Cracking occurred within grilles used on heavy construction equipment, without apparent cause. The cracking was observed to be sporadic and had initiated while the parts were being stored in a warehouse, prior to installation on the vehicles. The cracking was found adjacent to holes used to secure a logo nameplate in conjunction with metal bolts. The focus of this investigation was a timely determination as to the nature and cause of the failures. Of particular interest was whether the failure was primarily associated with material, design, processing, or environmental factors. This paper will document some of the testing performed to characterize the failure mode and identify the root cause of the cracking, in order to illustrate the failure analysis process.

Film Finishing Part I: Commercial and Emerging Thermoplastic Film Based Technologies
Thomas M. Ellison, May 2001

The Automotive Finishing Industry, valued at $2.3 billion in North America1, is faced with serious challenges to reduce cost and a growing urgency to meet environmental pressures. The industry is making major progress to reduce emissions but more must be done as requirements are tightened. Concurrently, other technologies are being advanced that may radically change the finishing process in the long term. Finishing plastic parts with film is one of the emerging technologies. Film finishing presents an opportunity for the Plastics Industry to step forward with an all-plastic solution - plastic film finishes on reduced weight plastic body panels.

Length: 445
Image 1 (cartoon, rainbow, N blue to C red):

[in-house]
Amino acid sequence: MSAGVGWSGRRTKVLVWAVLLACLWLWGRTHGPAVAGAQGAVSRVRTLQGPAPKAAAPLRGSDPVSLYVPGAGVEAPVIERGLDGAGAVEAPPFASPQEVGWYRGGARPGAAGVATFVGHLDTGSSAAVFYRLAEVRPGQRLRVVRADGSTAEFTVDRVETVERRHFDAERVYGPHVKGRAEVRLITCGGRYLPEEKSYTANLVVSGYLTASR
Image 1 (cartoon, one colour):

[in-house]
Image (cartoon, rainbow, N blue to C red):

High Carbon Fly Ash/Mixed Thermoplastic Aggregate for Use in Lightweight Concrete
Robert Malloy, Nirav Desai, Charles Wilson, Christopher Swan, Daniel Jansen, Mohsen Kashi, May 2001

Synthetic lightweight aggregate has been produced by melt compounding high concentrations of high carbon fly ash into various thermoplastic binders. The composite material is being developed as a synthetic lightweight aggregate for use in applications such as lightweight concrete. In this study, a series of lightweight aggregates have been produced using several fly ash concentrations, and several different thermoplastic binders. The synthetic aggregates have been produced using flexible thermoplastic binders, rigid thermoplastic binders, and a mixed thermoplastic binder formulation. The physical properties of the melt compounded aggregate materials have been evaluated in an effort to determine the relationship between variables, such as the binder stiffness, and the aggregate stiffness. Lightweight concrete test samples have also been prepared and evaluated. The results of the study show that the lightweight aggregate properties are influenced by both the fly ash concentration and the thermoplastic binder composition. However, the effect that the thermoplastic binder has on the physical properties of the aggregate becomes less significant at high fly ash concentrations. At fly ash concentrations of 80%, the physical properties of the aggregate are fairly insensitive" to the composition of the thermoplastic binder. The aggregates produced using a mixed plastic composition had properties that were quite similar to those produced using the individual (control) thermoplastic binders indicating that low value mixed plastic waste may be a candidate binder material for the polymer bound fly ash aggregate."